Friday, September 2, 2011

"Just Call Me Excellency!"


is Excellency, Urbane Angelus, has graciously consented to accompany us on this blog as we address multiple issues in the religious world today. His Excellency is the Titular Archbishop of Atoll #7 in the Pacific Ocean. He will help by way of commentary and illustration of what it is like to inhabit an elevated position in the Roman Catholic hierarchy and on hierarchical interpretations of moral and doctrinal issues.


We begin with some of the problems for which we will seek causes. Having found the causes, the solutions will appear:

1.  A 2008 study by the Pew Forum on Religion and Public Policy found that adult Catholics in the United States who have exited the Catholic faith number 22.8 million. The study found that 68% of those raised as Catholics have stayed in the Church.

We ask: what could cause such an exodus?

2.  Over the past decade it was suggested at the United Nations that there should be one world religion. The Roman Catholic response by Cardinal Arinze amounted to “That’s fine, as long as the one is Roman Catholic.” Similar responses came from other world religions.

Twenty years ago, theologian Hans Kung wrote in his work “Global Responsibility” that the enmity between religions reaches into the political sphere and prevents people from coming together. “There will be no peace,” he said, “until there is peace between religions.” He proposed that the way to achieve that peace would be for those religions to come together and reach an agreement on a common or shared ethic.

We ask: why don’t they come together? Doesn’t the basis of a common ethic already exist in the shared belief in the golden rule: love your neighbor as you love yourself?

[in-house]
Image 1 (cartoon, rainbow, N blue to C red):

We ask: where are the bishops in the peace effort?

3.  In this century the time bomb of clergy sexual abuse exploded with nuclear force. Subsequent investigations have revealed the worldwide extent of the abuse. They also revealed the behavior of bishops in their handling of priest abusers and the scandal. Bishops routinely stonewalled victims and the victims’ parents. They used attorneys to play hardball with victims. They used the common lie that “this was the first complaint ever received against Father Pedophile.” They transferred pedophile priests from parish to parish, diocese to diocese, where other children awaited the horror to come.

We soon heard a litany of excuses from the bishops as they pointed the hierarchical finger: they said gays were responsible so they mounted a campaign against gays saying they should not be ordained; they said that children can be very seductive tempters and temptresses. It was the children’s fault. The abusers were the real victims; they implied that the victims want the money that would otherwise go to the poor, as if it’s okay to work an injustice on one group as long as charity prevails for another group.

We ask: What explains this behavior of the bishops? And why did the recent John Jay College of Criminal Justice study (commissioned by the bishops) fail to detail the bishops’ own behavior in the scandal?

4.  A number of issues have emerged that illustrate a growing dissidence between the Catholic laity and the hierarchy: the role of the laity, sexual morality, the rights and place of women, married and women priests, contraception, and divorce – to name only the more apparent.

We will begin to tackle all of the above in the next and subsequent issues. We believe that the ultimate answer lies with the clerical culture at the episcopal level, and we will begin with a history of that culture’s development. We plan to publish weekly – given the availability of Archbishop Angelus. Thanks for visiting. We hope you will follow us as we progress. 

See also:  
Sex, Priests, and Secret Codes: The Catholic Church's 2,000 Year Paper Trail of Sexual Abuse 
Sex, Priests and Secret Codes by Doyle, Sipe and Hall

Purple Culture

The Purple Culture by Stephen Boehrer

Global Responsibility: In Search of a New World Ethic

Global Responsibility: In Search of a New World Ethic by Hans Kung